And it’s – it feels more like it’s the – in a sense the access to insurance side of things that is where this trust is starting to sort of like move towards – and I know it’s quite hard as well because, you know, there are times where – and obviously at Cura we have some – and I’m not meaning to sound sort of like really, you know, I’m going to try and be modest a bit – but you know, we have some incredible – incredible stories where we have helped people with health conditions to get insurance when they were told everywhere – absolutely everywhere else there was no chance. And, you know, sometimes you want to try and get that out there but I know from trying to engage, you know, different people and different journalists and that, that the positive stories aren’t necessarily what’s wanted.
Kathryn: Because, you know, the thing that’s said is that ‘Well we’re not free PR,’ and it’s just a case of, ‘Well, you know, that’s not the – well certainly from me – it’s not the intention to have free PR. It’s to get messages out there,’ which is why I do my videos and different things and I, you know, obviously specifically go and engage with charities as well to educate what’s available. So it is really hard to get that message out there anyway, isn’t it?
Roger: It is and, you know, you’re absolutely right. The media like negative stories. I mean, you know, that’s why they publish the corona virus death statistics every day with glee when they go up and, you know, all the, you know, it – on the one hand they’re saying, ‘Oh it’s about time Boris lifted the restrictions because everybody’s fed up of being inside,’ blah blah blah so when he does lift the restrictions, all we see are photographs all over the front page of the Daily Mail or in the other newspapers with pictures of people crowding out Soho and then the papers are saying, ‘Look at this! This is appalling, we’re going to have a second wave, how could the politicians have been so stupid?’ And yes, they’re always looking for those negative stories and that’s what – unfortunately that’s what sells – that’s what sells newspapers. Again, I just keep coming back to the fact that we’ve got to keep putting out the positive stories. Not – maybe not necessarily through the news media but through our own initiatives like what you’re doing with your videos and that sort of thing because people will watch them.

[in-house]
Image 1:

You know, a lot of people get their news from YouTube or from Twitter. Now again, we’ve already said that some of these social media platforms can be echo chambers but if we – again, if we flood it with more positive stuff then I’m hoping that, you know, eventually that positive stuff will prevail. The other difficulty, as you’ve said here, with – if people start to have a look at the underwriting side of it, it’s a difficult one to win. I can remember back now – I can’t remember how long – how many years ago it was. I was still at Bright Grey when we introduced flat rates for men and women for life insurance and critical illness. We were no longer allowed to charge different rates for women and different rates for men because that was deemed to be discriminatory – nearly tripped over that word there. And I remember at the time thinking, you know, how far could this go? Because somebody is bound to say, ‘Well now we’ve eliminated the sex discrimination, what about ageism?’ You know, it’s unfair to charge an 80-year old more than it is to charge a 20-year old for life insurance. Now, when you look at that, that is positively stupid isn’t it? Because the mortality rate for somebody in their 80s is sadly a lot higher than it is for somebody in their 20s.
But it isn’t beyond the realms of possibility either than one day somebody might say, ‘No, I’m sorry, it’s discriminatory therefore you’ve got to move to flat age pricing.’ Now that would kill the industry because can you imagine how expensive the rates would get? So we’ve got to tread – we’ve got to tread a careful path here and the media have got some responsibility. We can’t start to create the impression that underwriting is a discriminatory thing. It’s risk assessment.